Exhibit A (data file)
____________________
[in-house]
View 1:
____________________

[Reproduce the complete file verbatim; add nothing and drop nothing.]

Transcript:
[in-house]
View 1: